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As I Was Saying is a forum for a variety of perspectives to foster faith-related conversations among our readers with the goal of mutual learning, even in disagreement. Apart from articles written by editorial staff, these perspectives do not necessarily reflect the views of The Banner.

O God, hear the honesty in my rage,
the sharp pain in my heart.
To you alone I can yield the hatred I feel,
trusting you will somehow use it for good.
But how? What to do with my anger?
For its power I need: it must not be taken from me.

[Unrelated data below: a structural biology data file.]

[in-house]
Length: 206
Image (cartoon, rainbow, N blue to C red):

The local municipality of Stellenbosch, encompassing the towns of Stellenbosch, Pniel, and Franschhoek and their surrounding farmland and wilderness, is the most unequal local government area in South Africa, and South Africa is the most unequal country in the world. As Xavier Greenwood reported in Britain’s The Independent, “In 2015, the University of South Africa found that the top 1 percent of South Africans own 70.9 percent of the country’s wealth while the bottom 60 percent only holds just 7 per cent.” This poverty is the result of a set of complex factors, most significantly the joint legacies of Dutch and British racist colonialism and the white supremacist practices of the apartheid regime of the late 20th century and the corruption and mismanagement perpetrated by the country’s governments in the years since South Africa achieved common suffrage in 1994.